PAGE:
Op-Ed: Explaining extremism in the Maghreb

Op-Ed: Explaining extremism in the Maghreb

A UNDP study has concluded that relative deprivation, economic marginalisation, perceived state violence and malgovernance are the foremost drivers of radicalisation. Furthermore, it found that those from ethnic minorities in peripheral and/or marginalised areas are the most vulnerable to the lure of extremism. Nowhere is this more evident than in the Maghreb. By MENZI NDHLOVU.

On 7 September 2017, a study by the United Nations Development Programme (UNDP) affirmed long-held hypotheses on the drivers of radicalisation and violent extremism in Africa, particularly the Islamist cognate which is dominating the continent’s contemporary political discourse. Aggregating the testimonies of 495 recruits who joined the ranks of myriad transnational terrorist organisations, the study concluded that relative deprivation, economic marginalisation, perceived state violence and malgovernance are the foremost drivers of radicalisation. Furthermore, it found that those from ethnic minorities in peripheral and/or marginalised areas are the most vulnerable to the lure of extremism.

A region where these drivers have been most pervasive is the Maghreb, particularly its southern expanse bordering the Sahel. The two transnational terror entities that have profited most from this divisive status quo are al-Qaeda and the Islamic State, specifically al-Qaeda in the Islamic Maghreb (AQIM) and Islamic State in Libya (ISIL), their regional affiliates. There is, however, some difference in how each group is operating and expanding in the region.

Of the two, AQIM has arguably emerged as the foremost Jihadist entity in the region and chief profiteer of the ongoing socio-political malaise. This is largely attributable to global franchise figurehead Ayman al-Zawahiri’s foresight and adoption of a long game in the immediate aftermath of the Arab Spring, centred on timely adapting to – and the exploiting of – domestic socio-economic and political fault lines.

Indeed, while the rival Islamic State distracted global audiences with trademark spectacular campaigns, a largely dispersed and decentralised al-Qaeda remoulded itself under the caliphate’s spectre, reverting to a hyper-localised approach through its regional affiliates, more tactful use of terrorism and dissemination of Salafist ideology and solidifying its allegiance with fringe populations.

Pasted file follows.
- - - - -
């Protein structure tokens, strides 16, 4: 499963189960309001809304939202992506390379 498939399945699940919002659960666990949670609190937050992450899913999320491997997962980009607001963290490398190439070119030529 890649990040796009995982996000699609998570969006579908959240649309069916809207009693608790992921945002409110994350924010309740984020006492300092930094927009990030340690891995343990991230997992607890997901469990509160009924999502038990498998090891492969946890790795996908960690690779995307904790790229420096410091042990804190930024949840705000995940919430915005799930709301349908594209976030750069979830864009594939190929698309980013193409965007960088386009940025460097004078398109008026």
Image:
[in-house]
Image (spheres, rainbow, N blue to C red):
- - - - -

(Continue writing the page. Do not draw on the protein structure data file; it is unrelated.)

In the Maghreb-Sahel contiguity, it achieved this by making common cause with predominantly ethnic dissidents from the marginalised Kabylie, Sahrawi, Tuareg and Fulani populace and embedding itself within less radical movements. What’s more, in desolate settings such as Algeria’s Southern Adrar and Tamanghasset regions, the group is rumoured to have seized upon Algiers’ vacuum, performing crude yet effectual administrative and developmental functions. And amid less permeable yet restive urban settings such as Algiers and Tizi Ouzou, the pragmatic AQIM has sought to capitalise on youths aggrieved by their economic disenfranchisement and state repression.

Testament to its aptitude in manipulating the malaise in the Maghreb, AQIM has prized back affiliate al-Mourabitoun, and together with two other ethnically organised Islamist factions – Ansar Dine and the Macina Liberation Front – formed Jama’a Nusrat ul-Islam wa al-Muslimin or The Group to Support Islam and Muslims. Altogether, these factors have seen the organisation’s ranks swell, its enclaves grow, its capabilities multiply and its role as the Maghreb’s foremost jihadist group reclaimed.

As the continent’s jihadist flag-bearer since 2015 and given the pre-eminence of the Levant-based parent body, ISIL had little need to devolve or resort to AQIM’s pragmatism. Brute strength was sufficient to subdue recalcitrant local populations, and the lure of the caliphate has been sufficient to seize susceptible individuals. Yet, amid the proto-state’s dissolution in the Levant and the loss of continental stronghold, Sirte, ISIL has gradually turned to AQIM’s strategy in the Maghreb, catalysed by a centrally-derived decree to “conduct jihad at home”. Since then, the pipeline of fighters has reversed, with greater numbers returning to the region via its porous borders. Many such returnees have been funnelled to enclaves in Libya’s deserted south and the vacuous border regions with Tunisia and Algeria, where they have sought to appeal to receptive communities, marginalised by their respective governments.

The group has also seemingly desisted from the indiscriminate tactics that had previously alienated local civilians to almost exclusively prioritising state and foreign-linked assets and personnel, as evidenced by its recent attacks targeting infrastructure and security posts in the Fezzan and Cyrenaica regions. Recent videos of the group mounting civilian checkpoints in Jufra, in its idiosyncratic notion of restoring a semblance of order to the chaotic region, demonstrates its intent to re-position itself as an alternative to otherwise negligent central authorities. In doing so, ISIL reinforced the UNDP’s conclusions that it is more the guise of stable governance – than religious ideology – which could either drive or suffocate violent extremism on the continent. DM

Menzi Ndhlovu is from Africa-focused risk management consultancy, Signal Risk  (

Photo: South African captive, Stephen McGown, with his family addresses the media, Johannesburg on 10 August 2017, after being released from captivity after being held for six years in Mali. McGown was held by al-Qaeda in the Islamic Maghreb (AQIM) and converted his faith to Islam while in captivity. Photo: STR/EPAEPA


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